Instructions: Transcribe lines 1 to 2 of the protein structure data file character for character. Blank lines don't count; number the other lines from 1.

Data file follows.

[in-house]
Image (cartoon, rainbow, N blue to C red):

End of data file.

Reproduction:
[in-house]
Image (cartoon, rainbow, N blue to C red):